The light I ordered has the "warm" color temperature - Armytek also sells a "white" model that will be closer to the cooler side of neutral. I'm happy with the CCT, and I really like wide, floody beams like this for headlamps. It's not high CRI like some of the other headlamps on the market, but it's a good tint and I'm happy with it.

Power and Runtime

This light is powered from a single 18350 cell. It comes with a flat top, unprotected 18650 that measures 18.3 mm by 34.3 mm, and is labeled 900 mAh.
The first sample I received came with the internal cell measuring 0.8 V - far too discharged to safely recover. I received a replacement without any issues, and I don't think this is a very common issue, as I haven't heard any reports of people receiving dead cells from Armytek in the past. Given the state of the packaging, I'm not convinced someone at customs isn't responsible for this. In any case, the second light I received had the cell at an ideal 3.8 V.
On Turbo2, the light stepped down drastically about 5 minutes into the test due to heat before bouncing around a bit to stabilize the temperature. and settled at around 50% for the remainder of the test. It fell below 10% after 45 minutes, exceeding the 30 minute claim.
On Turbo1 and Main3, the light showed no stepdowns and held output stable for the duration of each test. Turbo 1 fell below 10% after 62 minutes, almost exactly matching the 1 hour specified by Armytek. Main3 ran for 137 minutes, while Armytek claims 150. That's a bit below spec, but it's within a reasonable margin of error.
All runtimes were stopped when the light was still glowing dimly. Testing with a benchtop power supply shows the light has LVP that will activate around 2.7 V.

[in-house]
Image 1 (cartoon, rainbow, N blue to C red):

Charging

Charging the light is done just by loosening the tailcap a quarter turn and attaching the included magnetic cable.
Charging was measured from the USB port, bringing the internal cell from dead to full. The charge shows a the current dropping throughout the charge, without the usual CC portion. The charging starts around 0.8A, and took around 2.5 hours to fully charge. A total of 1127 mAh went into the cable.

Summary

Pros:

  • Complete kit - comes with the light, a cell, and a way to charge it
  • Floody, even beam is great for a headlamp
  • Headlamp bracket is easy to pop the light in to and out of when switching
  • Magnetic tail, pocket clip, and handband give many great carry options
  • Light feels well built and like it would withstand some abuse
    • Deep stainless steel bezel to protect the glass from drops and scratches
    • Double o-rings to keep water out
  • Good temperature regulation
  • Good UI with shortcuts to various modes and sections

Cons:

  • Switch backlight is bright, and I wish it would stay off in the lower modes
  • Some people won't love the finish
  • One cell arrived dead

Notes and Links

This product was provided free of charge by the manufacturer. I was not paid to write this review, and have tried to be as unbiased as possible.
Manufacturer's product page
Product listing on Amazon (affiliate link)